Measured by that test, there can be no doubt that the five types of property involved in the present litigation were “military or naval” property of the United States "moving for military or naval and not for civil use" within the meaning of $ 321 (a). The lumber for the pontons, the asphalt for the airfield, the lumber for the ammunition plant were used in Army or Navy projects directly related to combat preparation or to actual combat. Copper cable for the cargo vessel, though farther removed from that category, was well within the definition of "military or naval” property. It, too, was a defensive weapon. Beyond that it wạs purchased by the Navy Department and consigned to one of its officers. It was supplied pursuant to Navy specifications; and the ship on which it was installed was being prepared for possible ultimate use by · the Navy. The bowling alleys were also well within the statutory classification. The needs of the armed forces plainly include recreational facilities. The morale and physical condition of combat forces are as important to the successful prosecution of a war as their equipment. The fact that the bowling alleys were planned for initial use of civilian workers makes no difference. It is the nature of the work being done, not the status of the person handling the materials, that is decisive. Supplies to maintain civilians repairing Army or Navy planes is a case in point.
The dominant purpose of the project in this case was the same whether civilians or military or navy personnel did the actual work.
Petitioner contends that if Congress intended to include in "military or naval property' articles for use in the manufacture of implements of war, it would have said so. It seeks support for that position from other Congressional enactments under which such materials were excluded because not mentioned ' or were included by specific reference. We can find, however, little support for petitioner's contention in that argument. Apart from the different wording of those acts and the different ends they served, there is one decisive and controlling circumstance. We have more in § 321 (a) than a declaration that “military or naval” property is entitled to land-grant rates. Congress went further and drew the line between property moving for "military or naval" use and property moving
The embargo against "arms or munitions of war" authorized by the Joint Resolution of March 14, 1912 (see 37 Stat. 1733), was held not to include machinery for the construction of a munitions plant. 32 Op. Atty. Gen. 132.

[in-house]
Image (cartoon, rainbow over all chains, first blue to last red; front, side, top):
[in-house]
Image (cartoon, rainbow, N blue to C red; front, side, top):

3 Thus the Act of July 2, 1940, 54 Stat. 712, 714, 50 U. S. C. App. $ 701, authorized the President to prohibit or curtail "the exportation of any military equipment or munitions, or component parts thereof, or machinery, tools, or material, or supplies necessary for the manufacture, servicing, or operation thereof ...."
The Act of November 30, 1940, 54 Stat. 1220, amending the AntiSabotage Act, defined “national-defense material" as including "arms, armament, ammunition, livestock, stores of clothing, food, foodstuffs, fuel, supplies, munitions, and all other articles of whatever description and any part or ingredient thereof,” which the United States intended to use in the national defense.
The Act of October 16, 1941, 55 Stat. 742, authorized the President to requisition the following types of property for the defense of the United States: "military or naval equipment, supplies, or munitions, or component parts thereof, or machinery, tools, or materials necessary for the manufacture, servicing, or operation of such equipment, supplies, or munitions
Opinion of the Court.
for "civil" use. As we have said, the controlling test is the use to which the property is dedicated or devoted. The fact that Congress did not define what was a "military or naval” use as distinguished from a "civil” use is unimportant. The classification made by Congress under this Act, unlike that made under the acts on which petitioner relies, was all-inclusive not partial. What is military or naval is contrasted to what is civil. The normal connotation of one serves to delimit or expand the other. It is in that context that “military or naval” must be construed.
Petitioner also contends that § 321 (a) is a remedial enactment which should be liberally construed so as to permit no exception which is not required. Cf. Piedmont & N. Ry. Co. v. Interstate Commerce Commission, 286 U. S. 299, 311-312. But it is a familiar rule that where there is any doubt as to the meaning of a statute which "operates as a grant of public property to an individual, or the relinquishment of a public interest,” the doubt should be resolved in favor of the Government and against the private claimant. Slidell v. Grandjean, 111 U.S. 412, 437. See Southern Ry. Co. v. United States, 322 U. S. 72, 76. That rule has been applied in construing the reduced rate conditions of the land-grant legislation. Southern Pacific Co. v. United States, 307 U. S. 393, 401; Southern Ry. Co. v. United States, supra. That principle is applicable here where the Congress, by writing into § 321 (a) an exception, retained for the United States an economic privilege of great value. The fact that the railroads, including petitioner, filed releases of their land-grant claims in order to obtain the benefits of § 321 (a) is now relied upon as constituting full consideration for the rate concession. It is accordingly argued that the railroads made a contract with the United States which should be generously construed. Cf. Russell v. Sebastian, 233 U. S. 195, 205. The original land-grants resulted in a contract. Burke